Title: In the End
Emilie Renee Karr - www.xmagicalx.net

Rating: PG
Summary: Fifty years after Dana Scully left the FBI to join the 
Watchers, she rejoins Mulder in Paris to observe the Gathering, the 
final battle of the Immortals, of which there can be only one 

This is my first Highlander fanfic attempt.  (Since I'm relatively 
experienced with TXF I thought I'd start with what I knew.) It 
derives entirely from the TV series (hence there is no Connor 
MacLeod.  Too confusing to throw the movie(s) in too, I'm sorry) 
and since I'm a new fan, it possibly might conflict with the show, 
too-please tell me if you notice any big problems.  

Disclaimer: (deep breath) Mulder, Scully and the X-files belong to 
Chris Carter and 10-13 productions; Duncan MacLeod, Methos, and the 
whole idea of Immortals going through history chopping eachothers' 
heads off belong to Davis and Panzer and Rysher entertainment.  
This here story belongs to me, but unlike these other guys' stuff 
it's not making me any cash.  Hope you enjoy it all the same!

                          In the End

                       Emilie Renee Karr

She knew.  Long before even the immortals themselves were aware of 
the calling in their blood, she felt the undercurrents of the world, 
the strangeness in the air, and she knew where it all would lead.

Now it had come to this, almost all said and done, and from the 
shadows she watched the end.

A month before, Dana Scully had picked up her comphone and spoke 
the name of her long-ago partner.  Within a moment the computer had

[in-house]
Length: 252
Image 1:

searched all databases, found its target, and connected her to Fox 
Mulder, currently of Seattle, Washington.

"Scully!" His mouth curved into a smile.  Even on the small screen she 
could see his eyes brighten, gazing at her image with rapt attention. 
"So, how's retirement treating you?"

"Same as ever." Twenty years passed and still he asked, still caring 
about the answer.  If ever she happened to be unhappy--"And you?"

"Can't complain." Some thirty years prior he had finally retired.  
For the decade and a half he had stayed in the Bureau after she 
left, he had worked diligently on the X-files, uncovering secrets 
as always, sometimes to acclaim, other times to silence.  But he 
insisted that none of his other partners could hold a candle to 
her, and sometimes she suspected his heart hadn't been in it.

Old regrets.  Given her life over she would have played it the same 
way.  And Mulder never once begrudged her quitting.  At her wedding 
he had been the best man, a concession her husband had made 
willingly.  Her former partner agreed whole-heartedly that Allen 
Kresge was a good man, almost deserving of her, though Mulder 
continued to call her Scully.  When Allen had died years ago Mulder 
had been there, comforting, loving, never trying to fill the hole 
in her heart but helping heal it.  

Just as he had never questioned her about her decision to leave the 
Bureau for a profession more dangerous still.  Scully suspected 
that was because her second occupation cleaved nicely with Mulder's 
own skewed views of the world; joining a secret organization 
devoted to the observation of immortal beings was right up his 
alley.  If he didn't become part of it, at least he was related 
through his partner.

And possibly he blamed himself for her induction.  If not for 
working alongside him in the X-files, she never would have learned 
of her latent psychic talents.  And it would be doubtful that her 
path ever would have crossed with Joe Dawson's, and certainly if 
her mind had not been opened by past experiences with the X-files